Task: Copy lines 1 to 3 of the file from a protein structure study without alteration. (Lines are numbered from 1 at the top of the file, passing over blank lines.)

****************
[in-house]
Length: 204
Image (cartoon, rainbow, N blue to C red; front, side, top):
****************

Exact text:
[in-house]
Length: 204
Image (cartoon, rainbow, N blue to C red; front, side, top):